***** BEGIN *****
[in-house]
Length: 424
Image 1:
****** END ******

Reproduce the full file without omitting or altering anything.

[in-house]
Length: 424
Image 1: